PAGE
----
Sometimes people think the term "nonprofit" means that the organization or the people doing the work can't make any money. But this isn't the case--nonprofits should make money and employees can be paid a salary. This includes the founder if the founder is performing mission-related work as an employee of the organization.
Although nonprofits can pay salaries there are some important considerations:
Follow state and federal guidelines
Nonprofit organizations must follow the same federal and state wage, hour, and labor laws that all employers must follow. These laws vary by state so refer to your state’s employment laws.
Salaries must be reasonable and not excessive
In order to maintain your organization’s tax-exempt status, the IRS requires that nonprofit salaries should be “reasonable” and “not excessive.” The IRS defines “reasonable” compensation as “the value that would ordinarily be paid for like services by like enterprises under like circumstances.”
At a minimum, employees must be paid minimum wage, keeping in line with federal and state minimum wage laws (whichever is higher).
For setting salaries above minimum wage, look to the labor market to benchmark a reasonable amount. Be sure to factor in your geographic location, organization size, job description, and the qualifications and experience required for the position in order to find comparable salary ranges. Some ways you can do this are to:
- Find job postings for similar organizations or positions and see what they are paying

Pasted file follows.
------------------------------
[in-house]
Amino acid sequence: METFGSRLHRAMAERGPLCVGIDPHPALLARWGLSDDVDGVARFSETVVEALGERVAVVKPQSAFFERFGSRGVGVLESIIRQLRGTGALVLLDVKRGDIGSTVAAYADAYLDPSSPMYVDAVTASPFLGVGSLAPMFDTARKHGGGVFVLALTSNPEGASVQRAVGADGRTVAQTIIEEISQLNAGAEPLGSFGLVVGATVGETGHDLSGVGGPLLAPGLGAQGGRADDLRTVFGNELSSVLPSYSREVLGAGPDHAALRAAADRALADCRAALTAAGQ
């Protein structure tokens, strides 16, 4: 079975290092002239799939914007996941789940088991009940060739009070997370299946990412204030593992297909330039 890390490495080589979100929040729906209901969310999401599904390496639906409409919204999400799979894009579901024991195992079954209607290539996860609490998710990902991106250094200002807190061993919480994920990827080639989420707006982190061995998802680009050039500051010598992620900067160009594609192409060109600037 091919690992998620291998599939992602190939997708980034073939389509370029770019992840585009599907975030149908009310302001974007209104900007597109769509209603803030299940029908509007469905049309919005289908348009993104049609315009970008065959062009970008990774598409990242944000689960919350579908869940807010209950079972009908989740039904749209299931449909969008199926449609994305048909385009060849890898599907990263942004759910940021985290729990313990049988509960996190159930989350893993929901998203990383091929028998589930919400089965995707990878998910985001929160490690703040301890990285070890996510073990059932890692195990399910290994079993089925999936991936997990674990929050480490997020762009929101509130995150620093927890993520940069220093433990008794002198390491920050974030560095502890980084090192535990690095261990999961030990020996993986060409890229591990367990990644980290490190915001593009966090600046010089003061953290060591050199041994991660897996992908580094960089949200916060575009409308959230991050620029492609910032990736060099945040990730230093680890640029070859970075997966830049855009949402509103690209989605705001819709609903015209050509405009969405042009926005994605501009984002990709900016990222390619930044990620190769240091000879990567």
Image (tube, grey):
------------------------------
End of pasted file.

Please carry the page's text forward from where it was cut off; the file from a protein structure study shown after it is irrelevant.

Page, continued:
- Look at nonprofit salary surveys
- See if your state nonprofit association publishes a salary and benefit report
- For leadership positions (such as CEO or executive director) look at our Nonprofit Compensation Report, which provides compensation data by title, location, budget size, cause area, and gender.
Salaries are public record
Nonprofits that file Form 990 or 990-EZ are required to report the compensation of its highest paid staff members. Since this information is public record, potential donors can look to see if staff salaries are reasonable and compare how much the nonprofit spends for programs versus salaries.
Finding the funding to pay for salaries
Finding funding for any purpose, let alone salaries, during the start-up phase can be challenging. Most funding during this time will come from the nonprofit’s founders, board members, volunteers, community members, or other interested parties.
Learn the steps that organizations can take to bring in their first dollars and begin to fundraise for their future with the video First Fundraising Strategies for Startup Organizations.
Learn more about finding funding during the incorporation process: Can I get funding for my nonprofit while I am in the process of incorporating or getting tax-exempt status?
Once your nonprofit has its tax-exempt status and is established, it should seek additional revenue streams. Nonprofits typically get funding from a number of sources including:
- Fees for goods and services (also called earned income)
- Individual donations and major gifts
- Corporate contributions
- Foundation grants
- Government grants and contracts
- Membership dues and fees
It is best practice for your organization to diversify its revenue stream and include funding from multiple sources. Your nonprofit’s revenue streams should be detailed in your nonprofit’s business plan. Learn more
Your nonprofit should also have a fundraising plan to ensure that you are raising funds from multiple sources. Learn more: Where can I learn more about fundraising planning?
If you are starting a nonprofit organization in order to pay yourself a salary, there are much easier ways to earn a living that still allow you to make a difference. Instead, consider applying for jobs at existing nonprofits. Learn more: Where can I learn about job openings and working in the nonprofit sector?
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